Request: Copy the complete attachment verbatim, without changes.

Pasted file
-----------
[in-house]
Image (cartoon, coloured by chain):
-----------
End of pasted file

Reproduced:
[in-house]
Image (cartoon, coloured by chain):